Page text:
What did you find most interesting and/or surprising? What information really stood out for you when researching this topic & why? What’s the most important thing we, your audience, should take away from your research? -Originally the cell phone served as a tool for business management. Now, cell phones serve as a tool for social connection, in other words, managing social relationships. Across qualitative and quantitative studies, users of the cell phone all report using their phone for social purposes.
However, scholars have argued the cell phone might actually serve as a tool for social isolation (Bugeja, 2005). On the other hand, the cell phone has been argued to function as a social connection device, especially among teens (Ling, 1999a). Therefore, the social use of cell phones has proven to be a rich area for communication research, with researchers exploring various ways in which cell phone use affects social interaction, both isolating and connecting involved persons. -Although observational research shows that most cell hone users retreat from social settings when they are using the cell phone in a public place (Ling, 1999b), findings also suggest that cell phone users use the cell phone in public spaces as a form of exclusion (Bugeja, 2005; Ling, 2002). The survey found that 13% of surveyed adults said they had used their phones to look busy, so they wouldn’t have to talk with others. That percentage more than doubled among young adults aged 18 to 29 years, 30% of whom said they’d faked cell phone use as an avoidance mechanism.
Only 2% of the oldest (65 and older) respondents reported using cell phones to avoid dealing with others. unplugging may actually improve your social interactions. As Healthland reported last year, many people would argue that turning your phone off is a gesture of intimacy and affection for the people around you -The implications of this study are not only empirical, but serve to demonstrate the dangers that mobile communication technologies may pose if not used properly. Discretion of cell phone use is even evident in current state laws that prohibit drivers from talking on the phone while driving.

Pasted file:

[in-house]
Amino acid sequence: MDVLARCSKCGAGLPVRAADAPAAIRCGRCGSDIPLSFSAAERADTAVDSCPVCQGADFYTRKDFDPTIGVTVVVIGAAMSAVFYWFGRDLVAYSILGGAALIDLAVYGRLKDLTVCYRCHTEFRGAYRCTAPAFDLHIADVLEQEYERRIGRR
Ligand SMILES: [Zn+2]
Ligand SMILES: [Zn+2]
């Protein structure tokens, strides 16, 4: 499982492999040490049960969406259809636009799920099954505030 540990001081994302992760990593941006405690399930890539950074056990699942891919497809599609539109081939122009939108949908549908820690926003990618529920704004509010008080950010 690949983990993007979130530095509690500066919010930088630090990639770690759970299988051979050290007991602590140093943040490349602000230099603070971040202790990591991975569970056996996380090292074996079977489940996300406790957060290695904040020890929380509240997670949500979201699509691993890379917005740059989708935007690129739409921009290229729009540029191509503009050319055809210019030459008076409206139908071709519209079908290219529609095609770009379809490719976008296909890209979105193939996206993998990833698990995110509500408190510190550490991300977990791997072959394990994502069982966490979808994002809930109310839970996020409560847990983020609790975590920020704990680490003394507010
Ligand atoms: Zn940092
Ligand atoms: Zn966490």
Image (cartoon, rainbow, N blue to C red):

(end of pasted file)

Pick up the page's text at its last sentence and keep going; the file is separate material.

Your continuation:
This alone testifies to the potential risk of danger that interactive mobile technologies pose for its users. A possible solution is to make users more aware of the effect of these mobile technologies on their attention, not only to strangers but even their surroundings. As proper etiquette exists for internet behavior, perhaps we ought to develop a social code of behavior for proper cell phone usage. http://healthland. time. com/2011/08/15/survey-1-in-8-fake-using-their-cell-phone-to-avoid-talking-to-others/